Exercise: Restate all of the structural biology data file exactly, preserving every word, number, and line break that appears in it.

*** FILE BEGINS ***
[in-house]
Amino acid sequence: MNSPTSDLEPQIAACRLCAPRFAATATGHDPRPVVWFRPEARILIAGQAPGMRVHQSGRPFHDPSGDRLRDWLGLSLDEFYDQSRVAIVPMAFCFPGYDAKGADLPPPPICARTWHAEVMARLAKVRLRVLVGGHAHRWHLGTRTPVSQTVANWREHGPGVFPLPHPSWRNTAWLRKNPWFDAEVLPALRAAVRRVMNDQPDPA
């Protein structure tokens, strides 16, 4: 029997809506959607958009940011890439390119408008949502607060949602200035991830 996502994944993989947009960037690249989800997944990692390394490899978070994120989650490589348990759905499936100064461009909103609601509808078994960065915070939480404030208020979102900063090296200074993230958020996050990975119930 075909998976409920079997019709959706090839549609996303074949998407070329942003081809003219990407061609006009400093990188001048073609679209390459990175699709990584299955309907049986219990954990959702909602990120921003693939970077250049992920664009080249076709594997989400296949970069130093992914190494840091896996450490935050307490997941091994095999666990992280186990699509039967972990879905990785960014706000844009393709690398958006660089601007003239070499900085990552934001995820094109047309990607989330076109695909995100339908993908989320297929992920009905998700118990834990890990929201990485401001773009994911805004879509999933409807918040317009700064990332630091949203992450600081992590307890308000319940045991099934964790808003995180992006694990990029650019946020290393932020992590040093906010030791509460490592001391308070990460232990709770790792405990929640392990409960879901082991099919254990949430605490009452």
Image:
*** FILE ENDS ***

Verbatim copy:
[in-house]
Amino acid sequence: MNSPTSDLEPQIAACRLCAPRFAATATGHDPRPVVWFRPEARILIAGQAPGMRVHQSGRPFHDPSGDRLRDWLGLSLDEFYDQSRVAIVPMAFCFPGYDAKGADLPPPPICARTWHAEVMARLAKVRLRVLVGGHAHRWHLGTRTPVSQTVANWREHGPGVFPLPHPSWRNTAWLRKNPWFDAEVLPALRAAVRRVMNDQPDPA
């Protein structure tokens, strides 16, 4: 029997809506959607958009940011890439390119408008949502607060949602200035991830 996502994944993989947009960037690249989800997944990692390394490899978070994120989650490589348990759905499936100064461009909103609601509808078994960065915070939480404030208020979102900063090296200074993230958020996050990975119930 075909998976409920079997019709959706090839549609996303074949998407070329942003081809003219990407061609006009400093990188001048073609679209390459990175699709990584299955309907049986219990954990959702909602990120921003693939970077250049992920664009080249076709594997989400296949970069130093992914190494840091896996450490935050307490997941091994095999666990992280186990699509039967972990879905990785960014706000844009393709690398958006660089601007003239070499900085990552934001995820094109047309990607989330076109695909995100339908993908989320297929992920009905998700118990834990890990929201990485401001773009994911805004879509999933409807918040317009700064990332630091949203992450600081992590307890308000319940045991099934964790808003995180992006694990990029650019946020290393932020992590040093906010030791509460490592001391308070990460232990709770790792405990929640392990409960879901082991099919254990949430605490009452």
Image: